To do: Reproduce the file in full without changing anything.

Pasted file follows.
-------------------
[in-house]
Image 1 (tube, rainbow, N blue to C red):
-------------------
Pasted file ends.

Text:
[in-house]
Image 1 (tube, rainbow, N blue to C red):